There are a million reality shows on the naked television. We're going to watch them all, one at a time.
When thinking of reality shows, one generally doesn't consider PBS. That might not make a a lot of sense at first; after all, the network airs programs which certainly qualify.
Then again, none of those invoke the usual imagery associated with the genre. There's no screaming on American Masters, no Kardashians on This Old House, and the History Detectives actually investigate items of significance with more rigor than a Google search.
Also, nobody screams at each other. As far as I know, that is. I hear that Judy Woodruff can get a little salty.
Covering this genre as long as I have, I sometimes forget the existence of shows I actually enjoy. Years of plumbing the depths of America's obsession with drunken rednecks and wife swapping almost made me miss the fact I've been watching -- and enjoying -- one particular reality show for years now. No, not Cheaters, I'm talking about Antiques Roadshow.
The Episode I Watched was called "Junk in the Trunk" (saucy!) and was stretched out to a good 90 minutes thanks to the latest pledge drive. I didn't mind, though. It isn't like you can get too lost in the proceedings when each supplicant, er ... guest gets 3-5 minutes of screen time.
Each week, the Roadshow travels to a new American city (I think they went to Toronto once...) and select individuals are pulled from the crowd to have their precious heirloom either a) given a through once-over by one of several highly qualified appraisers, or b) exposed as one of the J&R Whiskey "Liquor Lads".
Our host is Mark Walberg (not that one), who looks kind of like ESPN's Bill Simmons but is actually a pretty decent sport. He introduces each city and about halfway through the program conducts a field segment, chatting with an appraiser about an item of local interest. I'd suspect Walberg spends the rest of the taping snorting powdered baby seal out of a high-priced escort's cleavage - because frankly nothing about celebrities would surprise me anymore - but he seems like a legitimately nice guy. How annoying.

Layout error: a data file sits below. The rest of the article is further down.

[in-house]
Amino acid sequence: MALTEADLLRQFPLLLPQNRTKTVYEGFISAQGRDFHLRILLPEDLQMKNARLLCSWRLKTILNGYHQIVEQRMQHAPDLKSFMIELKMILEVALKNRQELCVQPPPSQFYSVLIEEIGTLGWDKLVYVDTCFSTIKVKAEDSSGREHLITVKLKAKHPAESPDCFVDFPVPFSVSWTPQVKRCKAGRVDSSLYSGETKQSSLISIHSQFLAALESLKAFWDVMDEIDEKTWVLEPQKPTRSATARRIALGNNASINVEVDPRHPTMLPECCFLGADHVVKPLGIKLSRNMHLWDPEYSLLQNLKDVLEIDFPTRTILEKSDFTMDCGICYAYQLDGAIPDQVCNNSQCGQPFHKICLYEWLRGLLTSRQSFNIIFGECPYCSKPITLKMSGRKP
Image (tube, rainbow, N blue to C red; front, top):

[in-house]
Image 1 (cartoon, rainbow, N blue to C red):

The appraiser inevitably asks, right after his/her rundown of the item's probably history and significance, if the owner has ever given any thought to its worth. 99 times out of 100, the owner says they haven't. This is patent bullshit. I don't care if you the most exotic piece of furnishing in your home is that college beanbag chair, you've wondered - however briefly - if you could get any money for it. Hell, the oldest thing I own is a Sega Saturn and I still check it on eBay every two weeks ($59 as of this writing).
And I really want to believe people when they claim no interest in selling, especially when it's something like the engraved silver Colt plus badge belonging to one guy's ex-sheriff (of Bexar County) great-grandfather, but once in a while their eyes light up juuust a little too intently. We all claim to value our families over all else (well, some of us), but an unstable economy, student loan debt, or a Candy Crush Saga addiction can convince even the most devoted of us to part with precious heirlooms.
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Side note: I wonder if the history of Butch's watch in Pulp Fiction would have overcome the show's anti-timepiece bias.
I definitely feel more favorable towards the people who randomly acquired their items (or claim to, at least) from yard sales, thrift stores, or just picking them up off a pile of garbage (I swear that happened) over the people who inherited/hoarded/murdered their parents for theirs. Case in point, the dude who held on to his parents' Russian teaspoons, then could barely conceal his disappointment when they turned out to be worth a mere $1,500-2,000. "You mean I slowly poisoned them for *nothing*?"
More entertaining was the guy who bought an H.R. Ocampo painting for a dollar(!) at a yard sale -- against his wife's wishes, further proving you should never heed your spouse's advice -- only to find out it might be worth $7,000-10,000.
It's a good show, and probably one that speaks to our overwhelming need for the comforts of the past in an increasingly unstable and unpredictable world. Whatever, I just want to unload that Sega Saturn.